WomensLaw is not just for women. We serve and support all survivors, no matter their sex or gender.

Legal Information: Massachusetts

Custody

View all
Updated: 
March 29, 2019

The exact steps depend on your particular situation, and whether or not you will be filing for custody as part of your divorce or separation action, paternity action, or on its own. However, below are the general steps that you will likely take.

Step 1: File the custody complaint (petition) in court.

To get a custody order from court, you will need to start by filing a “complaint” in the Probate and Family Court in your county, or perhaps the county where your child is living, if that is different. You can download the form from the Massachusetts Courts System website. For a list of courthouses in Massachusetts, go to our MA Courthouse Locations page

On the complaint, you will be asked to provide your address. If you do not want the other parent to know your address because you fear harm, you can ask to have your address kept confidential. Ask the court clerk how to do this.

If you need immediate temporary custody, visitation, or child support, you will need to file a motion for temporary custody, visitation or support. Be sure to tell the clerk if this is what you want to do. Generally, you can do this at the same time you file your complaint.

Step 2: Get the custody papers served on the other parent.

You will need to give notice to the other parent that you have filed a complaint for custody. This process is called “service of process.” This is done by having a third party who is 18 or older (generally a constable or sheriff) hand copies of the legal papers to the other parent. There is generally a fee for this service but if you have proof that you are low-income in the form of an “affidavit of indigency” that was approved by the judge, bring that with you and the fee may be waived.1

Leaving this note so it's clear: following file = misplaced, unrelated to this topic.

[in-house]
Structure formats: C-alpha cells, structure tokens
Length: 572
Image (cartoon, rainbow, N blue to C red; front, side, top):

For a list of sheriff departments in Massachusetts, go to our MA Sheriff Departments page.

After the papers are served, be sure to get back the proof of service form from whoever serves the papers and be sure to bring that paper to court. That signed form is your proof that the abuser was served in case s/he doesn’t appear in court.

1 See MassLegalHelp.org

You can find more information about service of process in our Preparing for Court – By Yourself section, in the question called What is service of process and how do I accomplish it?

Step 3: Appear in front of the judge.

After the complaint is filed, your case will be assigned to a particular judge.

If you filed a motion for temporary orders regarding custody or child support, the court will set a date for a temporary order hearing. The temporary order you receive will stay in place until another order replaces it. It may be replaced by another temporary order, or by the decision (judgment) you receive after your final hearing. Before this hearing, you may be asked to meet with a probation officer or a motion mediator. The mediator will try to help you and the other parent come to a temporary agreement. If you do reach an agreement, the judge will review it and then it will become a court order, unless the judge finds that the agreement will not be in the best interests of the child.

Note: You are not required to reach an agreement with the other parent, and the probation officer and/or motion mediator have no authority to make an order that you do not agree with. Also, if you are afraid of the other parent, or if you are seeking (or have) a 209A abuse prevention order (a restraining order) against the other parent, you do not have to meet with the mediator in the same room as the other parent.1

Again, it is best to talk to a lawyer before starting this process, or at the very least have a lawyer look over your papers before you file them, so you can make sure you are not making any mistakes. For more information, go to MA Finding a Lawyer.

1 M.G.L. 209A § 3